Guide Rail Systems and the Impacts on Home Elevator Ride Quality

As the cost of home elevators continue to improve they are becoming more of a reality for home owners. That being said, the quality of some systems is better than others and one of the main things a home owner feels every day is the “ride quality” or in some cases the poor ride quality. This can often be avoided by choosing a guide rail system that will perform well and avoid costly maintenance over the long term.


What is poor ride Quality?

Poor ride quality is characterized by vibration, sudden unexpected motion, and noise. Two of the most common adversaries of a smooth ride are rail misalignment and unbalanced cars. While the tendency is to point the finger at the elevator contractor, the real culprits are often in Mother Nature’s hands.

What are the culprits of misalignment?

After the construction of a home, the drying of concrete, settling of the building, and the drying of wood products can all greatly affect alignment of guide rails in relation to the building and to each other (there are usually 2 guide rails).

In some cases these changes can induce a “curve” to the rail. This happens if the rail is fixed to the walls in such a way that the rail is not able to be supported in the lateral (side to side) direction. Many rail system designs the rails can even move relative to each other causing premature wear, noise and, in some extreme cases, “jamming”.

All of these effects produce a poor ride quality that the home owner can feel during operation and can also lead to increased maintenance and repair costs to remedy the situation.

Guiderail Image 1


Pros and Cons of Rail System Types

Some guide rails are manufactured from a solid material section like a T-Rail or J-Rail. One problem with these types of guide rails is the significant weight and price to achieve the desired level of strength and rigidity that will allow your home elevator to perform well both today and over the long term.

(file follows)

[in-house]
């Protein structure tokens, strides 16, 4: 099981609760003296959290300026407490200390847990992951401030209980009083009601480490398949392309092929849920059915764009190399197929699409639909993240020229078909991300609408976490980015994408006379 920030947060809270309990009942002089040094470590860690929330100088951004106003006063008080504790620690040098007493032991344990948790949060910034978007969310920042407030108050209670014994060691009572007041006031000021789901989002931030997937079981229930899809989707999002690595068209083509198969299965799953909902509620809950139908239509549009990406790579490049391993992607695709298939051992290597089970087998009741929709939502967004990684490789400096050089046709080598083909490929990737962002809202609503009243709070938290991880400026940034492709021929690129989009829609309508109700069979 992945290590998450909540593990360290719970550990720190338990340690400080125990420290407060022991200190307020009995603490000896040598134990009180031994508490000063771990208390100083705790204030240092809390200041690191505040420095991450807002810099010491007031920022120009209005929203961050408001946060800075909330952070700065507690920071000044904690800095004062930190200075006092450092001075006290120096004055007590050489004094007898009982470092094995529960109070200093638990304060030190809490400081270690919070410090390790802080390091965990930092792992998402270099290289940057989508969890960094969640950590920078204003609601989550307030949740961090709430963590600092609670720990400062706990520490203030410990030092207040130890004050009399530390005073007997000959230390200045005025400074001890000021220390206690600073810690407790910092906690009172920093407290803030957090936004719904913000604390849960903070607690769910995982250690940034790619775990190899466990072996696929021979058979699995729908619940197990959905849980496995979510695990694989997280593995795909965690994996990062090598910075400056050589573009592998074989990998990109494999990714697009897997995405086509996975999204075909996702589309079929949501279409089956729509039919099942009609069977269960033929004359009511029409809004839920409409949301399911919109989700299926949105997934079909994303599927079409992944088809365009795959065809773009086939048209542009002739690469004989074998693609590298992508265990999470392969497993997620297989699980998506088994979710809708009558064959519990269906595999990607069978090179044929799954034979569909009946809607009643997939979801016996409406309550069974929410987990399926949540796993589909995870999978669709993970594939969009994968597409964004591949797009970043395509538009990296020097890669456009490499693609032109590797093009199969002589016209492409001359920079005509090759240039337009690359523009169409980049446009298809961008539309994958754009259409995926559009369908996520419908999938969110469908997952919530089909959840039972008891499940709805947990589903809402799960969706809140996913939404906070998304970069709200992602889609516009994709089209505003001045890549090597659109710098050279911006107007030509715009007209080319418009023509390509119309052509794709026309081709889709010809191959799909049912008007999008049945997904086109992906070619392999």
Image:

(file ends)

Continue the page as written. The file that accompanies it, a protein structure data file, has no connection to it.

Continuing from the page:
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Guiderail Image 2

Hollow section guide rails, are lighter for the level of strength and rigidity they can offer, however, the section needs to be designed to ensure that the wall thickness of the section is sufficient to withstand any “gripping forces” that may be present during normal operation and the application of safety braking scenarios…..Not All designs are equal and the devil is in the details.


High Quality, Low Noise and Low Maintenance Operation

RAM’s innovative guide rail system is a hollow section large square tubing with the majority of support being provided by the foundation. This innovative design combats all of the above problems by being designed as a fully integrated support system.

This means the alignment between the rails and at the section points is not dependent on the wall supports and thus eliminates the potential side to side misalignment. RAM’s design also eliminates the misalignment risk at the section points that is typically present in standard T-rail type systems.

If you want high quality, low noise, and low maintenance operation, the RAM guide rail system is simply the best guide rail system on the market for residential and low rise commercial applications . We have even seen the RAM system function perfectly after small earthquake events in some locations but, please note that every elevator should be inspected after significant events such as an earthquake to ensure safe operation.

RAM Guide Rail System

  • Fully Integrated Design
  • Large Square Tubes with Optimized wall thickness
  • Heavy Duty Cross Bracing to ensure alignment between rails
  • Long life stability once installed
  • Support from shaft walls with ability to withstand small building movements

Alternate Guide Rail Systems

  • Typically T-Rail or J-Rail
  • Solid section
  • Limited or No Cross Bracing to maintain alignment
  • Reliant on building construction and stability for guide rail alignment
  • Difficulty handling small building movements